Chung Wei-wen was quite touched at the sight of the Bangladeshi jewellery workers crafting decorative pieces in gold as shown in photographs at this writer’s home and made possible following my visit to Savar, near Dhaka. There lies a dusty back street area replete with like craftsmen, men and boys, busy in their traditional ways of manufacture.
*“I prefer using those same simple, basic tools and machines to produce my designs, just as they are doing but they are using even more basic tools, quite old fashioned, so compared with those craftsmen I am relatively sophisticated but compared with other silversmiths in this line of work, no, I am something of a traditionalist as well,”* he smiled.
That’s how he likes to work, using simple tools and basic skills. The techniques are largely the same. The Savar artisans are taught father to son.
This Taiwanese, who prefers to be known as a silversmith and craftsman rather than an artist, came to Hong Kong for the September 2010 jewellery show but did not go to the show on the final days when finished products were displayed, because, he says: “I do not want my designs to be infiltrated by other’s ideas but want to keep my mind clear to develop in my own way.”
*“I went to the show because I need to purchase good stones and silver necklaces, in original materials. Not to buy very expensive stones but true stones, in beautiful colours, particularly seeking out moonstones. They have a certain purity, in their whites, that somehow brings about peace of mind,”* he informs.
He has declined orders from wealthy clients in the past because he was well aware that those asking for one-off exceptional pieces were just desirous of possessions and accumulating, they did not cherish what was offered as a piece of workmanship as such. ‘Just make it unique and luxurious’ he would be asked.
*“I don’t want to serve the rich only. In the designs I bring out I intend to spend my time on products that meet the needs of ordinary people who can spend some money but not that much, so they must not be excessively expensive. It is easier to make luxury items than it is making items suiting ordinary people because the rationale behind making something extraordinary for rich people is, in the mind of those people, they just want a unique luxury item, and that’s not a problem for the maker.
“I can feel the emptiness in the heart of those people, hiding behind that search for prestige, but not all rich people are like that. Some share my values and I can work with them. I treasure the values of people, what’s in their minds, not their wealth. I want to enjoy communication with people if I can connect with them, and if people come with honest intentions that can happen.”*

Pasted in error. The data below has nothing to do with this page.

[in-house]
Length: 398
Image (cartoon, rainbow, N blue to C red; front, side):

When this comes to silver teapots it is an additionally difficult task as Chung Wei-wen must consider the cost of the silver, the time spent in the work itself, and, the design that has to be broadly acceptable yet he wants to put his own stamp on it, after all, it is his work. He has to like what he produces.
He admits that in the beginning his teapots were quite ostentatious befitting their role serving tea in high society. The silver teapot is not an original idea of his. They are in museums everywhere as they were used in the long gone dynasties when they were owned by the top families. For him a teapot is quite different from a fashionable silver accessory as it is a real luxury, even today.
*“In my early days I was agitated because at that time people said the most wonderful artworks were from Japan. I did not agree. I wanted to show that we Taiwanese can also make classic silver teapots, here in Taiwan. Thankfully, this phase did not last long. I soon realised this was wrong thinking. Now I know that it is not necessary to compare which country makes the best of whatever because you might have a good way and I might have a good way, both ways can result in a classic silver teapot!”*
So today Chung Wei-wen makes silver teapots and although these are much more expensive to buy than his accessories, his intention is that they are not prohibitively expensive and out of reach of ordinary people – in the end, it can be said that they are affordably expensive.
*“When I make a silver teapot I have shifted the realm down into the ordinary classes; from making them for the rich, to making them for ordinary people. And I have a conversation about peace of mind with everyone through the teapot. My teapots are affordable, don’t break easily, and silver teapots can make excellent tea as they maintain the temperature, retain the taste, and the tea pours smoothly, without gulping or splashing,”* he ended.
It’s the same with religions, it’s not that one is better than another but just that that one appeared here and another there. The point is, “does it pour smoothly and make ‘good tea’!”